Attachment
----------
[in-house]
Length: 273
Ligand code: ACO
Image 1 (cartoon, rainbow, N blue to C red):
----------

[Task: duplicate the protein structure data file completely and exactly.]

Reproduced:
[in-house]
Length: 273
Ligand code: ACO
Image 1 (cartoon, rainbow, N blue to C red):